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My favorite "ok, you are coming clean, damn you!" cleaner is Sweets 7.62, but you really want to play with that outdoors and follow the directions. Keep your nose WELL clear of the bottle and patches or you will regret it. Trust me on this. It will not damage the steel but you will regret it if you sniff it to hard.
 

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When you use Sweets you need to get some nylon brushes, it dissolves the normal bronze/brass brushes, it's a great copper remover, I use it in my rifles.
 

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You need nylon brushes but thats only if you choose to scrub with them which is not what they put in the instruction. The normal method is apply with patch, let is sit, and then remove with patches, repeat if necesary.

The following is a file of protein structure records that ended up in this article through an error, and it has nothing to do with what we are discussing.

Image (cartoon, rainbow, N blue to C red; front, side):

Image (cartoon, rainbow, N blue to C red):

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45guy said:
...I have also heard that copper remover should not be used in a stainless barrel as a good portion of stainless steel is copper. This was supposed to have come from Douglas Barrels...


There should be no copper found in any grade of stainless steel. If there is it would be considered a contaminant. Aside from Iron, grades of SST consist of various percentages of Carbon, Manganese, Phoshorus, Sulfur, Silicon, Chromium, Nickel and Molybdenum. So you should be safe in using Sweets on an SST barrel. Just be carefull as it can etch the barrel if you leave it in there for a long time. It will also etch your nose if you get a good wiff of that stuff.